The two biggest lessons from moving the dog were: 1. each airport's customs requirements can be different in the country you are traveling to, and 2. FLY LUFTHANSA!
As I mentioned in a previous post, to meet Kolkata's requirements we had to bring Coco in as accompanied baggage not as cargo, which meant she had to be checked in as baggage with someone on the same flight.
And in order not to fly her the overwhelming DC-NYC-Frankfurt-Kolkata route, since we had to be in NYC before leaving for DHS consultations, Alan flew back to Washington D.C. so that she would fly accompanied DC-Frankfurt-Kolkata.
With all of the paperwork in hand, our biggest obstacle was putting her on the United flight from DC to Frankfurt in a series 700 crate. Ideally, the flight would have been Lufthansa with a United code share but we ended up with a United flight.
Lufthansa really gets traveling with animals, especially large dogs. We were even able to confirm her as accompanied baggage for the Frankfurt to Kolkata leg over the phone. United wasn't so easy. Every time we called we received a different answer on the series 700 crate.
Club Pet International met us at the airport with Coco in a prepared crate. She had been boarding with Club Pet while we were in NYC. Then we got really lucky.
We met the dream United representative that said the words "We'll get you taken care of" when Coco entered the airport. During the processing, another United employee ran up to our saintly United employee with a "Wait!" and started questioning Coco's paperwork and specifications. But our rep calmed everyone down and got the job done.
With the biggest obstacle behind them, Alan and Coco flew to Frankfurt after an aircraft malfunction, downed Canadian air traffic control computer and gate miscommunication just in time to miss our connecting flight. The one where we all were supposed to meet up and arrive in Kolkata together.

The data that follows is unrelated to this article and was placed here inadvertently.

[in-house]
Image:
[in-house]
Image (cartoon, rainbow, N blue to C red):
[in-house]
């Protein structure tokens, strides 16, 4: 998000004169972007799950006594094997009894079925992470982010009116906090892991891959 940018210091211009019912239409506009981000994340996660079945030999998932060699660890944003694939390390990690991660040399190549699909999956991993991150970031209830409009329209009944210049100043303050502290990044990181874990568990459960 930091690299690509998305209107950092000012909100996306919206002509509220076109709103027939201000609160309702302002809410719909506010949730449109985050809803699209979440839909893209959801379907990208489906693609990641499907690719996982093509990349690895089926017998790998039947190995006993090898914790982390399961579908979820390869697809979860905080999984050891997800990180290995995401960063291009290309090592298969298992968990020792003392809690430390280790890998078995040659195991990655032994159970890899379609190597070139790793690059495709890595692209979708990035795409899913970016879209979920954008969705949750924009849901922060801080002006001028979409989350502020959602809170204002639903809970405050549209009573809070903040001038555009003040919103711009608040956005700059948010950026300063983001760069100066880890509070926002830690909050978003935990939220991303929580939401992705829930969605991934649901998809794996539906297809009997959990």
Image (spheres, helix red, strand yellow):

Since they would have to wait another 24 hours for the next flight, Lufthansa put Coco in their air-conditioned facility to wait for the next flight. She ended up in the horse pen, able to run around and sleep outside of her crate until the next flight.
In the meantime, our Consulate shipping extraordinaire, laid the ground work for not only getting Coco through customs but getting her out first.
After they landed, the spectacle at the Kolkata airport began. 7 custom agents came up to Alan and Coco to assure the situation met all requirements and as she was carted out of baggage claim in her large crate, the airport crowd started humming with questions on what the large creature was. Most often the guess was a German Shepard.
From the reaction of Consulate employees so far, she is the largest dog ever to live on the compound. So far we have been able to satisfy her with walks around the compound and ball catching on the green space. Next up, a long walk to Victoria Memorial Hall where she can visit with the stray horses, dogs and herding goats.
Photo of Coco at her favorite place in Kolkata, in the kitchen with Krishna and Bina.
Wonderful!!! Coco is quite the news there in Kolkata. Thank you for writing about all of this, I am taking notes and paying attention. I know you must be so busy, but strangers are enjoying your tales.
Give Coco a good tummy rub for me.
Thanks! And a "woof woof" from Coco for the belly rubs.
Thanks for sharing, Natalie. I am moving to Turkey with 2 cats and still haven't figured out how to do it w/the variety in airline rules/regulations. Incidentally, I live in No. Virginia so I'll check out Air Club for Pets.
Good luck, WT.
You probably are aware of this, but for others, the people in the Overseas Briefing Center can provide information about moving with pets.
It has definitely been worth all the hassle and expense to bring our dog with us.
I have two black labs and am faced with the same prospects next summer. I have no idea how I'm going to deal with this ... it is daunting.
I'm enjoying your blog. Thanks! (And, for the tip on Lufthansa!)
It is daunting but very worth all of the trouble. There is another lab here at post, and he has traveled all over the world so far.
Best of luck and let me know how it goes.
Post a Comment